Of the huge number of superstars to emerge from the 80s Madonna remains one of the most celebrated and iconic still performing today. Her song ‘Like A Prayer’ became a controversial hit in 1988.

Like many songs to be composed in the 80s, ‘Like A Prayer’, chose socially difficult material to present to the public. In this case, Madonna, in conjunction with producer Mary Lambert created a video for the song that made the lyrics all the more poignant. Issues of bigotry and racism are at the center of this upbeat track. In this sense, the popular nature of the music juxtaposes with the troubling focus of the song. The song uses elements of gospel music in conjunction with the popular music style common to the 80s to create a song that on the surface is just a great pop success but underneath has much more to say.

‘Synthpop’ was very much in favor in the 80s making full use of new technology that exploited synthesized sounds allowing musicians to develop and explore sounds that up until then had not been possible. British band The Human League became synonymous with the ‘New Wave’ movement in 80s pop and wrote several stunning songs that not only used synthesizers and drum machines to generate their unique sound but hit songs that are still popular today. ‘Don’t You Want Me Baby’ is exactly that and has all the ingredients that you would want in a song from this era.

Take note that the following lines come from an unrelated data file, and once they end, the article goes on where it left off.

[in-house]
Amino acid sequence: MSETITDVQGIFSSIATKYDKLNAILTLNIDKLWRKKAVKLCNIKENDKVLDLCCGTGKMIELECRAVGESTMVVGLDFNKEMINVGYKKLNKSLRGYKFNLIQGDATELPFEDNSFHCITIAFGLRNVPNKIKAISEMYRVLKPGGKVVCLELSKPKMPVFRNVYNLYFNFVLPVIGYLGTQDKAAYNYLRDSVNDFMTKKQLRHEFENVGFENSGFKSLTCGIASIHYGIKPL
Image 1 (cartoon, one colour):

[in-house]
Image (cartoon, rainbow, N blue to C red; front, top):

The track is the story of love gone wrong that lead singer Phil Oakey conveys brilliantly in his vocal delivery making an irresistible package that remained in the number one slot in the UK charts for five weeks.

Another huge star who made his name eternal in the 80s was Michael Jackson. Even though Jackson had been performing to great acclaim with The Jackson Five, it was in the 80s that his solo career took hold and catapulted him directly into the musical spotlight where he stayed until his untimely death. With over 10 million copies of this song sold worldwide, it remains one of the most iconic songs of the decade. ‘Billie Jean‘ was released in January of 1982 with almost immediate success.

It was the second single Jackson released from the renowned ‘Thriller’ album. Jackson’s passionate vocal performance on this song coupled with a lyric that tells of Billie Jean’s claim that Jackson is the father of her son makes this song captivating. Stylistically, the song has a kind of disco feel with a square four-beat drum pattern, underpinned by a subtly moving bassline. Live brass sections punctuate the synth patterns in what has to be one of the best songs to come out of the 80s.

1 COMMENT

  1. Writing an article that calls trash “good” doesn’t change the essential fact that it’s junk music. Sorry to disagree, but I can’t remember anything from that decade that stands out as good. Thank goodness there was Jazz and Classical.